• Educational lab - A lab that is attached or part of an educational institution, such as a university or artschool. An example would be the MIT Media Lab.
  • Fab lab - A space with advanced fabrication tools, which are often offered for commercial use at a price, or for free/cheaply to artists and students.
  • Hackerspace - Communal spaces where hackers and other digital creatives meet to share ideas and work on projects.
  • Living lab - A type of lab that is most often used commercially, where a whole area of a city is used to research urban-scale ideas. They might explore new ways of sharing resources, or test a new commercial product with a small group of residents.
  • New media art lab - A lab that explores new expressive or social possibilities of new technology. Examples would be V2 Institute for the Unstable Media in Rotterdam or Eyebeam in New York City.
  • Youth lab - Labs that focus on children as their target audience.

Social-political impact[edit]


A lot of people are motivated to use technological tools for social or political goals. They can be meeting places for people interested in Hacktivism, Tactical media or other activistic practices. Towards technological development itself these medialabs often promote a critical and nuanced attitude, contrasting with the more dominant idea of Technological determinism.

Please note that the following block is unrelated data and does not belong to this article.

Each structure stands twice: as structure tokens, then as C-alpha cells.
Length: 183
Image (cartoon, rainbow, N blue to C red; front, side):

Social effect[edit]

Media labs play a role in society to understand the new ways of education, culture, communication and even political participation. Groups such as the German Chaos Computer Club have successfully protested the creation of large technology projects by their government that in their opinion could erode civil liberties.

Working in a media lab context can be considered as informal ways of learning.

Artistic impact[edit]


Medialabs can be meeting places for people interested in Media art and other expressive possibilities of new technologies. This goal contrasts with a more dominant functionalist view of technology, in which it is seen as a tool to streamline processes, such as businesses.

Social effect[edit]

Expressive uses of new technologies, like all art, can help people reflect on issues, and often explores what it means to live in a technological society. These exploration can point to alternative directions in which technology can develop.

Related terms[edit]

working attitudes: artistic research - creative technologies - DIWO - DIY - DIY culture - experimentation - interdisciplinary

fields of activities: digital art - digital culture - human–computer interaction - interaction - internet - media art - new media art

tools, concepts: Creative Commons - F/LOSS - FLOSS Manuals - free culture - open content - open hardware - open source - public domain

See also[edit]



  1. ^ Chardonnet, Ewen (March–April–May 2011). mcd musiques & cultures digitales 62: 15.  Check date values in: |date= (help); Missing or empty |title= (help);
  2. ^ Virtueel Platform. "Nederland Labland" (PDF). Retrieved 24 July 2012. 

External links[edit]